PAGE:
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SK seniors commit to college on Letter of Intent Day
National Letter of Intent Day featured few surprises at South Kitsap.
Most students who took part in the celebration at the high school Wednesday already signed with their respective schools during the fall.
Soccer players Justin Moore, a forward, and Jason Skolnik, a midfielder, were the exception.
Moore, who was described as “the best captain we’ve had” by former coach Eric Bergeson last spring, signed with Western Washington. He also received interest from Seattle University and Oregon State.
“I like the area up there,” said Moore, who hopes to pursue a pre-medicine major. “It was just the all-around feeling.”
Moore, who scored 12 goals and added four assists last season, plays forward at South, but said the Vikings could play him at several positions. Western Washington finished first in the Great Northwest Athletic Conference with a 7-1 record and were 11-5 overall.
Skolnik signed to play at Northwest University, an NAIA school in Kirkland. He expects to play center back for the Eagles, who finished 4-8 in Cascade Conference and 6-10-2 overall.
“I was looking at some smaller NAIA schools where I can kind of get my feet wet and transfer to a bigger one after a few years,” said Skolnik, who hopes to pursue a teaching degree. “The school was a good fit because it’s closer to home than other schools I was looking at.”
A year ago, all six athletes participating in South’s signing day were girls soccer players. Defender Alyssa Nystrom, who committed to the University of Montana last summer, was the only one this year.
She said she was excited to finally complete the recruiting process when she faxed her letter of intent at 7 a.m. on signing day.
“The whole city is about the college,” said Nystrom, who plans to major in pharmacy. “That’s what I really wanted in a college.”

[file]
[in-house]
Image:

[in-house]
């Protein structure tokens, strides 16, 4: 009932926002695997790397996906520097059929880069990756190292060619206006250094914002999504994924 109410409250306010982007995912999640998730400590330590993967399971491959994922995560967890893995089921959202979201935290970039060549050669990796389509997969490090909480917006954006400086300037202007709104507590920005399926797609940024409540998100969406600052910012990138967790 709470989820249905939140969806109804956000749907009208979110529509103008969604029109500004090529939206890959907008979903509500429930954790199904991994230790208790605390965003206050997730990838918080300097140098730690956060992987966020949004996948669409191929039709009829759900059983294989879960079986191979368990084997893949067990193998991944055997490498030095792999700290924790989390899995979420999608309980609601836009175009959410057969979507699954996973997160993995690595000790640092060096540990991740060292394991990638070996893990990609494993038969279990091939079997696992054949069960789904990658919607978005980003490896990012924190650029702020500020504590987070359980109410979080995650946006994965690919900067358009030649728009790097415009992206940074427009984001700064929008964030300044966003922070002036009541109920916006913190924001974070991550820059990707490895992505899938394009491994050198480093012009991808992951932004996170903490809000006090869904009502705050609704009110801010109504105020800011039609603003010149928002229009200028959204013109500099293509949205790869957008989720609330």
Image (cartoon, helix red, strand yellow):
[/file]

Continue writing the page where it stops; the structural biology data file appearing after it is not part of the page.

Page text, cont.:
Pitcher Collin Monagle and third baseman Brady Steiger both made their commitments nearly a year ago and signed their letters of intent during the fall, but decided to partake in the celebration as well. Monagle, a right-handed pitcher, signed with the University of Washington. He’s rated as the third-best prospect in the state’s 2009 class by Baseball Northwest.
He said he selected the UW over an offer from Oregon State because “they gave me the best offer.” Monagle also cited the familiarity of the UW campus, where his summer team, Chaffey Baseball, plays. He also likes how UW coach Ken Knutson has developed pitchers, including 2008 National League Cy Young award winner Tim Lincecum, who plays for the San Francisco Giants.
Monagle had surgery to repair a torn labrum during the offseason that might prevent him from pitching for South this season. He didn’t start a game last year because of shoulder problems, but had 22 strikeouts and a 3.23 ERA in 21 2/3 innings for the Wolves in 2007.
“It’s coming back strong,” said Monagle, explaining that Knutson honored his scholarship despite the injury. “I’m throwing about 50 percent off the mound now.”
Teammate Brady Steiger signed with cross-state rival Washington State University. Steiger, who chose WSU over Oregon, was named to the Washington State Baseball Coaches Association Class 4A first team in 2008. A third baseman, he hit .418 with five home runs and 23 RBI, while being named MVP of the Narrows League Bridge Division. Steiger was Baseball Northwest’s No. 13 prospect in the state for the 2009 class.
“It was just the best fit for me,” said Steiger, who hopes to pursue a business major. “I really like the area out there and the coaches, and they gave me the best chance to start.”
UW and WSU play three times every season in the Pac-10 and both are excited for another opportunity to compete against each other.
“We’ve played together since we were 13 years old,” Monagle said. “It will be nice to finally face each other.”
Another spring athlete who signed during the fall was Ally Johnson. The Wolves’ shortstop signed to play softball at the University of North Carolina at Greensboro. She hit .410 with two doubles, two triples and a team-high 11 RBI last year.
“It feels good,” said Johnson, who’s looking at a business or education major. “I can just relax — I don’t have to worry about it.”
Johnson said she was spotted while playing in a New Jersey tournament for the club Washington Lady Hawks team. She plans to play third base in college.